• There are other forms of addresses for gateways to other networks, such as Sprintmail, Fidonet, etc. For help with mail addressing, consult the Internetwork Mail Guide at http://www.nova.edu/Inter-Links/cgi-bin/inmgq.pl.
What you can mail

The most basic Internet mail systems can ONLY mail text. You cannot mail graphics files, programs, most wordprocessed files, spreadsheets, etc., because these use binary (8-bit) characters, and mail only uses the basic 128 text characters (upper and lower case letters, numbers, punctuation, and come printer control characters) that can be represented with 7 bits.

Some mail systems support binary attachments, but both the sending and receving mailer must be compatible with each other. MIME is a standard that supports binary attachments, and it is becoming increasingly popular. Do not assume that an addressee uses M IME. Check first.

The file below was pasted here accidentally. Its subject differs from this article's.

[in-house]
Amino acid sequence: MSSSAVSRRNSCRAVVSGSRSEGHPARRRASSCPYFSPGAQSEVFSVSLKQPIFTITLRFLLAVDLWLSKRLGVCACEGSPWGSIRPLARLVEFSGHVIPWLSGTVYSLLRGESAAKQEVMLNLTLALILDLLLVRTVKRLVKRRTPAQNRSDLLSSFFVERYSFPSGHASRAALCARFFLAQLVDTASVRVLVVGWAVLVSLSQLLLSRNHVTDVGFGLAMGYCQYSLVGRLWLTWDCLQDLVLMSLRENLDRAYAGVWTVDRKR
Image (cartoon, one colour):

If you must mail a binary file to someone with an incompatible mailer, you can still do it by encoding it in 7-bit form first. The most common way to do this is to uuencode it. It must then be decoded at the other end. Some systems will do this for you; o thers require you to do it offline.


WORLD WIDE WEB

Multimedia browsers. The availability of easy to use browsers with graphics and audio access to the World Wide Web in the past year has led to enormous growth in public interest in the Internet and the requirements for ba ndwidth to support it. Although effective use requires fast computers with lots of memory and either direct network connections or fast modems, millions of people are finding their own access.

The content available for access has been growing just as fast. For a librarian or researcher, the mushrooming growth creates many problems in finding materials that meet needs and are from verifiably accurate sources. There are many attempts to get a handle on the contents of the nets and index it, but most of these index everything on a topic, not just those that meet the requirements of scholarly or business uses.

Uniform Resource Locators (URL. Web browsers use a relatively new form of addressing called the Uniform Resource Locator or URL. There are URL formats for the various types of resources on the nets. The most basic form is this:

type-of-resource://domain.address:port/path/filename